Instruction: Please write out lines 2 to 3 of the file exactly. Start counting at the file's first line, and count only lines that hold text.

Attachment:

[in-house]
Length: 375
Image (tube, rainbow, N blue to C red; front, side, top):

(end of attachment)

Length: 375
Image (tube, rainbow, N blue to C red; front, side, top):